Understanding the eye
in Perception and analogy
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This chapter investigates how the eye was understood medically, philosophically, and analogically in the first half of the eighteenth century. It outlines how figures of sight, blindness, and recovery of sight were employed both before and after significant ophthalmological developments in the middle of the period. Drawing on anatomical treatments of the eye and vision by William Chesselden and William Porterfield, the chapter begins by investigating analogies for eyesight in poetry by Henry Brooke and Richard Blackmore that figure the eye as a perfect, designed instrument that is akin to a camera obscura. It explores how descriptions and models for the processes of vision are largely distanced from the individual’s experience of sight as well as the implications this has for the valuation of sighted and non-sighted experience. The chapter then focuses on eighteenth-century engagements with Molyneux’s Question by considering its implications for thinking about individualised sensory experience as the source of knowledge, the relationship between the senses, and competing philosophical accounts of interactions between the perceiving individual and the lived environment. The final section considers surgical interventions by William Chesselden and John Taylor of Hatton Garden. The chapter closes with a reading of Richard Jago’s fictionalised explorations of blindness and recovered sight in Edge-Hill.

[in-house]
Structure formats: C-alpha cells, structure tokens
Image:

Perception and analogy

Poetry, science, and religion in the eighteenth century


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